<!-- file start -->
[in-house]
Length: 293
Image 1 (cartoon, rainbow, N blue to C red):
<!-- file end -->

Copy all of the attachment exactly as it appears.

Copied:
[in-house]
Length: 293
Image 1 (cartoon, rainbow, N blue to C red):